Android updates are a bit of a tricky subject for all involved parties. Obviously consumers and Google are on the same page in that they want Android updates to roll out to individual devices as soon as possible. But for manufacturers and carriers, updates are costly to customize, quality test, and roll-out.
The successor to the odd little tablet that is the Notion Ink Adam is set to hit the streets in December 2011 and will be featured at CES in January 2012 in Las Vegas, according to Notion Ink founder Rohan Shravan. Hardware details for the Adam 2 are pretty scarce right now, but we're hearing rumors that it could include the NVIDIA Tegra 3 quad-core processor and an updated Pixel Qi display that allows for better use in direct sunlight.
Quite a simple poll this weekend, and one that requires little explanation: do you read app permissions before installing an app, or do you just install with reckless abandon? Sound off in the poll below and elaborate via the comments.
Android has grown at an amazing pace in the past year, and so has our reader base. With that in mind, we have a simple question for our readers: how long have you been an Android owner? Were you one of the 'Droid front-runners, or did you join the game a bit later? Sound off in the poll below, and feel free to share some details in the comments below.
From a manufacturer standpoint, 4G (for the purposes of this post I mean LTE and WiMax, not 3G+) is a bit of a nightmare. The immaturity of the technology means that chips are expensive and bulky, and realistically offer benefit to only a small portion of consumers. (Compounding the issue, "4G" has become yet another buzzword that consumers don't understand but think they need anyway...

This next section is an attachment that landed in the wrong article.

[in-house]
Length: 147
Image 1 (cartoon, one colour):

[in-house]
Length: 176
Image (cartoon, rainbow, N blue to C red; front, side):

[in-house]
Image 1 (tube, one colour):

This week, Google revealed its most serious attempt at social networking yet, Google+. Despite being released just a few days ago, it's easy to see that it's a much more accessible, polished attempt than Google's previous attempts, namely Google Wave and Google Buzz. It brings a familiar interface, but clearly bears the Google mark: clean, minimal, but with some well thought-out improvements.
It seems the explosive growth of smartphone use has had some unintended consequences: U.S. carriers are moving towards tiered data. While some carriers have had "soft" caps for years, we've recently seen a move towards hard caps. "Tiered" plans have long been standard in other parts of the world, but the simple difference is that US carriers charge significantly more across the board - be it basic plans (just minutes), add-on's (such as texting), or data (whether used on a plan or as-you-go).
Manufacturer user interfaces (UIs) can be a bit of a hot-button topic in the Android world. Some prefer vanilla Android, à la CyanogenMod. Others have no issue with them whatsoever, and even actively seek to restore some of the functionality. (Others still prefer to roll their own, or like the ability to switch at will...
Between the imminent release of the HTC EVO 3D, the newly announced Photon 4G, the upcoming Samsung Galaxy S II, and the pure Google experience of the Samsung Nexus S 4G, we have to ask - which device is next for you? To help you decide, here's a break down of each phone's specs:
HTC EVO 3D
- 4.3 Inch qHD Super LCD
- 1.2GHz dual-core Snapdragon processor
- 1GB RAM
- 4GB built-in storage
- 5MP 3D Capable rear camera, 1.3MP front camera
- Android 2.3 with Sense 3.0
As the follow up to the super-popular EVO 4G, it not only packs a harder punch under the hood, but also includes some groundbreaking features like Sense 3.0 and the inclusion of both 3D playback and video capture.
AC's Jerry Hildenbrand makes some very valid points about why that just doesn't quite seem right, if a bit (understandably) bitterly. As an Android lover and power user, I'm more than inclined to agree.